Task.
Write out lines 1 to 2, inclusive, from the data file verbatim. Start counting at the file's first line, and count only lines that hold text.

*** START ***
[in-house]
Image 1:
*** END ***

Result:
[in-house]
Image 1: